The defendants take the position that "the proviso must relate to performance by the lessees" and to this alone, and that since the lessees have performed all their obligations satisfactorily, they are entitled to a renewal of the lease.
We find nothing in the language of the lease which calls for such a limited construction as the defendants suggest. In drawing the proviso it was obviously assumed that as the end of the term approached, the lessors would reappraise the situation and determine whether "said lease" had been satisfactory to them. Attaching to the words their ordinary meaning, this is a much broader question than the inquiry whether the conduct of the lessees had been satisfactory. Satisfaction with "said lease" implies satisfaction with the results of five years' operations under it, and the satisfactory or unsatisfactory character of these results might well be influenced by many factors outside the conduct of the lessees. If the only factor to be considered were that of "performance by the lessees," it would have been easy to say so, but nothing of the kind was said in the lease. We see no ground upon which a limitation which the parties failed to express can be read into this instrument by implication.
This conclusion does not lead to any unjust result nor does it attribute to the parties an unreasonable or improbable purpose. Obviously the defendants were under no obligation whatever to renew the lease at the end of the term. They were clearly in a position where they could consider every aspect of "said lease" and every detail of the results of their operations under it in determining whether they desired a renewal. Apparently the plaintiffs wished to preserve for themselves a similar freedom of action. They adopted language appropriate to accomplish that purpose, and are now entitled to claim the benefit of it.
In determining whether a lease is desirable or "satisfactory," the most obvious consideration would seem to be the amount of rent payable thereunder, and next the amount of over head expense incident thereto. Both of these factors may reasonably furnish ground for dissatisfaction, and no reason occurs to us why they should not affect the judgment of the plaintiffs in appraising the results of the lease here involved. The second question transferred by the trial court is accordingly answered in the affirmative.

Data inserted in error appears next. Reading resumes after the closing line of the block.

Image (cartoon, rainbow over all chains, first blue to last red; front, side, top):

IV. The proceedings with reference to the admission of evidence which resulted in numerous exceptions by the defendants were of a character well calculated to try the patience of the trial court but not to invite favorable consideration here. In briefest outline they were as follows. The plaintiff, F. Ernest Pulsifer, testified that the defendants' lease was unsatisfactory because he had an agreement with another party by which he could increase the rent over a period of ten years. To this testimony the defendants excepted upon the ground that the agreement was in writing and the writing was the "best evidence" of its terms. The plaintiffs thereupon offered in evidence document purporting to be a lease of the premises to the First National Stores, duly executed by the plaintiffs and purporting to be executed on behalf of the First National Stores by one Farnsworth under the seal of the corporation. The defendants then objected to the admission of the writing upon the ground that Farnsworth's authority to bind the purported lessee had not been proved. The plaintiffs then offered it "as a contract, valid or invalid, upon which the plaintiff is relying for the action which he has taken." After extended argument the document was excluded. The witness then testified that under his agreement the plaintiffs were to receive a rental of $250 per month for the whole first floor of the block for five years and $275 per month for the next five years. To this the defendants again excepted upon the ground that "the writing will be the best evidence." Subsequently the defendants stated that their objections to the admission of the writing were withdrawn, but it was not again offered in evidence by the plaintiffs. It is now argued that the "admission of secondary evidence when the writing was at hand was error."